By Carol Stender
KENSINGTON, Minn. — Kensington farmer Paul Stark is excited about agriculture’s role in renewable energy.
Stark is a member of the NextGen Energy Board, a 19-member board of agriculture, state agency and energy experts.
A 33-year Farm Bureau member from Stevens County, Stark and Minnesota Farmers Union member Thom Petersen represent agricultural organizations on the board.
Board members will make recommendations to Gov. Tim Pawlenty and the Legislature on how the state can become energy independent. The NextGen board will develop policy recommendations and coordinate and distribute research and bio-energy grants, he said.
Stark raises corn, soybeans, alfalfa and wheat and has a beef cow herd. He backgrounds calves and rents some land to a young farm neighbor, he said.
He remembers his father paying three to four cents per kilowatt hour for electricity at a time when energy and electricity were cheap. He recalls how, decades later in the 1970s, cars lined up at gas stations during a gasoline shortage.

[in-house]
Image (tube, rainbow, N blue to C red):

"People were driving gas-guzzling cars and whether it was truly a real shortage or not, we discovered then that we might run out of oil someday and the world situation got us thinking about it. We started moving into a conserving mode and we need to continue that," he said.
The country can never produce enough fuel to meet domestic energy needs, he said. Hybrid vehicles, fuel efficient cars and wind generation helps the supply situation.
"We need to remember that Minnesota is really a leader in ethanol and bio-fuels," he said. "There are a number of projects, about 10 or 12, on the table looking at biomass gasification to hydrogen. They will all need funding."
Stark is conscious of his own energy use.
"Everyone is affected," he said about energy consumption and the need for new energy resources.